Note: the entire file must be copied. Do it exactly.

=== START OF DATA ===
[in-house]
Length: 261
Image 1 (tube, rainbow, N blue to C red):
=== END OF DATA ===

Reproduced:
[in-house]
Length: 261
Image 1 (tube, rainbow, N blue to C red):